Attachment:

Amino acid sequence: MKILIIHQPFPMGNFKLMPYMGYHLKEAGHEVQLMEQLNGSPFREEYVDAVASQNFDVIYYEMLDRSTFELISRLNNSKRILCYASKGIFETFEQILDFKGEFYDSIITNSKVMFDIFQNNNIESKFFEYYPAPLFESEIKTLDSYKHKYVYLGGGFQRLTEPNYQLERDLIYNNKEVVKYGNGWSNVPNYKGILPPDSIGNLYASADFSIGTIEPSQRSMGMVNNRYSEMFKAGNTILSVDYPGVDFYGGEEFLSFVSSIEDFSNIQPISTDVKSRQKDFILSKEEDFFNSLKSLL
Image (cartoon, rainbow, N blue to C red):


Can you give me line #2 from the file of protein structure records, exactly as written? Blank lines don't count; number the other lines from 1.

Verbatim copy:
Image (cartoon, rainbow, N blue to C red):